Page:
I know I said we're about to leave for vacation. And we are. But I just couldn't stay away. Not when I had inspiration for another healthy change...
Remember this jingle?
Gotta love how catchy it is. But the ribs it promotes? I don't have as much love for those...without any sides, they pack a third of the daily caloric intake recommended for the average man, 49 grams of fat, and exceed the daily recommended sodium intake.
So I decided to change the tune a little bit.
I want my...
baby bok, baby bok, baby bok!
Yes, there is inspiration to be found in baby bok choy.
And it certainly makes it a lot easier to eat. less. meat.
The EWG's 2011 Meat Eater's Guide is a great explanation about why we should be critical of our meat. Meat can negatively affect our health when it leads to increased cholesterol and fat. It can negatively affect our health when it introduces hormones, antibiotics, antibiotic-resistant bacteria, and other unclean by-products into our bodies. And the production of meat has a seriously negative effect on the health of the planet.
But this is not new news. Just look at what a trend Meatless Mondays are becoming.
I was inspired to eat less meat when I started reflecting on what goes into the meat we had in our house. Nutritionally and ethically, I'm not opposed to eating meat (yet). But in my ideal world, all my meat would be raised on a farm and come from animals that had plenty of good food to eat and beautiful space to run around in until their untimely deaths. That meat would also be free of hormones, antibiotics, sodium injections, and anything else that got there through a needle. That meat exists. But it costs a pretty penny. So the simpler solution for me was to eat less meat.
In fact, I didn't eat any for about a month.
And I actually decided it wasn't for me...at least not at the moment. But it did feel good to talk to people about why I was passing on the pork. And when I finally caved to my omnivorous instincts, I was newly resolved to eat less meat so I could afford more of the quality stuff.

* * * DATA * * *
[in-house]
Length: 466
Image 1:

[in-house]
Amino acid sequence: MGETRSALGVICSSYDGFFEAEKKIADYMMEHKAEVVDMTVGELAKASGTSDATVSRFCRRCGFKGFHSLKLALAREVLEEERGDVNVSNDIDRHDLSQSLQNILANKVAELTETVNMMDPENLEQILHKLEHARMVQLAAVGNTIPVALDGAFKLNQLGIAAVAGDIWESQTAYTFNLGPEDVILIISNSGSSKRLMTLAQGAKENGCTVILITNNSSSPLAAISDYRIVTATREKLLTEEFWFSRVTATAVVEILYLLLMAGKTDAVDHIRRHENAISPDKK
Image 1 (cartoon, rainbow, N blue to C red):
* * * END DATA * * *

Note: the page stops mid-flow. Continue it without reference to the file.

To manage this healthy change, you could...
1. Start a meatless Monday tradition in your house.
2. Switch your beef and pork purchases to chicken and eggs.
3. Switch your fatty meat purchases to lean cuts.
4. Buy more yogurt, eggs, cheese, soy, nuts, and legumes to enhance your protein intake.
And once you've made your home vegetarian-friendly and are wondering what to do with all that tofu, you could try this...
Easy Vegetarian Stir Fry
*Hardly any wok!
24 oz. firm tofu
10 oz. sweet potato noodles (available from Asian supermarkets)
1 tbsp coconut oil
1 large onion, diced
3 tbsp garlic, minced
10 oz carrots, julienned
1 bundle of bok choy (see picture), chopped
3 tbsp chunky peanut butter
3 tbsp soy sauce
2 tbsp apple cider vinegar
Tabasco, to taste
2 drops liquid stevia
chives or scallions, for garnish
Dice tofu and press moisture out using paper towels. The longer you leave the tofu to air dry, the firmer it will be when you cook it. As you can see, I'm not so great at waiting. Tastes good either way, but the firmer it is, the more it will mimic real meat.
In the meantime, bring a kettle of water to a boil. Put the noodles in a large bowl, and pour the boiling water over them. Let sit for about 20 minutes.
While the noodles are sitting, heat the oil in a large pot or wok over medium-high heat. Add the tofu, onions, and garlic, and stir occasionally. Once the tofu begins to brown, add the carrots. Continue to stir occasionally for about 5 minutes, then add the baby bok choy. Stir in the peanut butter, and then turn off the heat.
In a small bowl, combine the soy sauce, vinegar, Tabasco, and stevia. Drain the noodles and immediately add the sauce. Transfer into the stir fry, mix, and serve topped with chopped chives or scallions.